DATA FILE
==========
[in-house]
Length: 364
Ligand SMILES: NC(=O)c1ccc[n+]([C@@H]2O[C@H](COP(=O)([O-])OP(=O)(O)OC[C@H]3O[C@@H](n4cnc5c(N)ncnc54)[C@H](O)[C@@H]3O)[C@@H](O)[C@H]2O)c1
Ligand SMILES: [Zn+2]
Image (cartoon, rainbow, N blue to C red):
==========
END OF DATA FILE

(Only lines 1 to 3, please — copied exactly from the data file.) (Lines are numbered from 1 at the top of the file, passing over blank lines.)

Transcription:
[in-house]
Length: 364
Ligand SMILES: NC(=O)c1ccc[n+]([C@@H]2O[C@H](COP(=O)([O-])OP(=O)(O)OC[C@H]3O[C@@H](n4cnc5c(N)ncnc54)[C@H](O)[C@@H]3O)[C@@H](O)[C@H]2O)c1